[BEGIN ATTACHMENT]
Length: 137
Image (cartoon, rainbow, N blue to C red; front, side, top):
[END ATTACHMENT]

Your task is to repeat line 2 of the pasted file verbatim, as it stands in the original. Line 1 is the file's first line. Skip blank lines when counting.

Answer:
Image (cartoon, rainbow, N blue to C red; front, side, top):